December 26, 2013 by Russell Simon
“Swagy P is oh-for-4 so far. The P doesn’t stand for ‘Pass’, I’ll tell you that much!”- NBA broadcaster Jeff Van Gundy on Nick Young.
It’s been a long time since “swag” has been a part of the collective vocabulary of America’s youth. The term, which is “an overused word to describe one’s self as being ‘cool’ in presented appearance such as clothing or other things,” according to Urban Dictionary, peaked in 2009. This was when Soulja Boy dominated the Bar Mitzvah circuit with the release of his cult hit “Turn My Swag On,” which became the anthem of an adoring nation full of backwards hat-wearing, jeans-sagging, iPod Touch-carrying teens. But “swag” and its variants did not hit its cultural peak four years ago. It happened yesterday, in the third quarter of the Lakers-Heat game on Christmas Day. It happened when Lakers guard and former USC Trojan Nick “Swagy P” Young went toe-to-toe with NBA superstar LeBron James, and gave us all reason to believe again.
It was shaping up to be a gloomy Christmas for NBA fans. The Thunder had demolished the hapless Knicks 123-94 and the Taj Gibson-led Bulls beat the Jason Kidd-coached Brooklyn Nets 95-78. A day typically filled with marquee matchups had instead turned into a day of ugliness, featuring bizarre monochromatic, skin-tight jerseys worn by players not named Carmelo Anthony, Derrick Rose, or Kobe Bryant, all three sidelined by injuries. However, from the minute Nick Young entered Staples Center, everyone knew the third game of the NBA’s quintuple-header would be different.
Swagy P entered wearing not just a Christmas sweater but also a Christmas shawl, to better protect himself from the brutal 80-degree Los Angeles winters. He then went out and had an all-too-common Nick Young first half, going 1-of-8 from the field with 3 points. Yet, the Lakers only trailed by five at the half. Somehow, Pau Gasol, Jodie Meeks and Xavier Henry were keeping the Lakers close with the vaunted Miami Heat. Then came the third quarter.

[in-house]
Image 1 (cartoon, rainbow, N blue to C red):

It began with 5:40 left in the third. Young took the ball on the right wing, stared down LeBron, took him off the dribble, got to the rim and hit a layup while being fouled. This cut the Heat lead to six, but Swagy P was not finished.
The next time down court he topped himself, staring down LeBron again, pulling up for a three in his face, hitting it and drawing the foul on James yet again. Nick Young 2, Lebron James 0. Tie game. The Staples Center crowd was alive, and the man who used to dazzle Galen Center crowds had brought the Lakers back.
But the weirdest part of the Miracle on Figueroa Street was that it did not end after Young hit his free throw to complete the four-point play. The Heat went into full attack mode on defense. LeBron used his entire wingspan to stick his arms right in Swagy P’s face, he got low to the floor and tried to intimidate Young just as he typically does when he plays defense. And Young just kept hitting shots. With 4:23 to go in the third, he spun off LeBron on the right wing and hit a turn-around floater over Chris Bosh. Then it was time for the Pièce de résistance, when Young hit a deep fadeaway three over LeBron’s outstretched fingertips with nine seconds left in the third. Lebron tried to respond with a three of his own over Young, but he missed. Heat 76, Lakers 74.
Young would finish the game with twenty points on 7-of-18 shooting. He went 4-of-7 from behind the arc, but ended up with a pedestrian shot chart.
But while his end statistics may have been somewhat normal as the Lakers lost, that third quarter was anything but. In taking arguably the best player in the world 1-on-1 and winning, at least for 5 minutes, Swagy P made all NBA fans believers. They believed that Nick Young could take the Heat by himself if that is what it took. They believed he could beat LeBron off the dribble, shoot over LeBron from behind the arc, and become an efficient scorer for a Lakers team in desperate need of more offensive options. It seemed credible that the shorthanded Lakers would complete their miracle comeback against James and the Heat. In the third quarter people believed in Nick Young. They believed, again, in swag.